SAFER Training Programme (English)

Life Skills Theoretical Background – Developing Social Skills (i)

The second important concept which will be discussed are the social skills. Social Skills are defined as the ability of people to interact with each other. The effectiveness of the interaction between two or more people is explained based on the received information. Social skills development is a process by which individuals develop and maintain social relationships, resolve conflicts with other people, understand others’ feelings and support others’ values and beliefs (Humphrey, et al. 2010). Researchers evaluated the effectiveness of certain educational programmes (e.g., PATHS, Chicago Child-Parent Center- CPC, CASASTART, Quantum Opportunities Program-QOP) and concluded that these type of programmes, which promote social skills to children and young people, are effective in reducing violent acts as well as cultivating positive communication competencies and positive social relationships (World Health Organization, 2009).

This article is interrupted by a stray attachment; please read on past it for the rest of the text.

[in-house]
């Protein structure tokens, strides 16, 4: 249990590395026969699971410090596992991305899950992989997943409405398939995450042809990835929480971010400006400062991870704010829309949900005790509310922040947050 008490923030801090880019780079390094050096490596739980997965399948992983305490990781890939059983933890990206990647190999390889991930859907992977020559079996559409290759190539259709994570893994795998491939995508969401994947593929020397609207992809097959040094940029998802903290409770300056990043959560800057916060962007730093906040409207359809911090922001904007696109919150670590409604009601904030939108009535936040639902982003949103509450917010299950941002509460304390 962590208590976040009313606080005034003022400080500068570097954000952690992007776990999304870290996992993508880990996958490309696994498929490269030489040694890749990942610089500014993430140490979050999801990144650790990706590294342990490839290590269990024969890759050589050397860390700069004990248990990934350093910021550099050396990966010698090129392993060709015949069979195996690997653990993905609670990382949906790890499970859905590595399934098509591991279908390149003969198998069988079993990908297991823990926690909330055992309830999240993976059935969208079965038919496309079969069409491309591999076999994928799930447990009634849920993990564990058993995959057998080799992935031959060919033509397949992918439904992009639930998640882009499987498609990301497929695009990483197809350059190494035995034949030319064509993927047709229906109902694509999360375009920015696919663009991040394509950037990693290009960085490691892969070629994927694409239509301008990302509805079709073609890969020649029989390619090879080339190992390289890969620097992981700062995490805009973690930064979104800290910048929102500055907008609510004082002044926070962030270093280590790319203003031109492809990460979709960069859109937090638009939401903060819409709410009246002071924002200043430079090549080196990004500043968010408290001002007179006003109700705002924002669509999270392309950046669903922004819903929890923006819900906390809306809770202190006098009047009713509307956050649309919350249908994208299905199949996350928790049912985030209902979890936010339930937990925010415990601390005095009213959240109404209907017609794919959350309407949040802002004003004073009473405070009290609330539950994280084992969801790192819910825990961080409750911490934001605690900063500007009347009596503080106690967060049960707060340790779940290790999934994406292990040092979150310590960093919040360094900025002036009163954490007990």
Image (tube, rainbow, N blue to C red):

From the early developmental stages, children learn to interact and communicate with other people by using non-verbal cues (such as play, observing, peer-interaction, etc) (Oswalt, 2018). The complexity of children’s social interactions becomes apparent following the development of linguistic and cognitive abilities as well as the prevalence of more complex verbal and non-verbal cues in children’s communication abilities (Cherry, 2018). Teachers’ methods utilize in class are considered vital for the development of student’s social skills (Selimović, et al. 2018).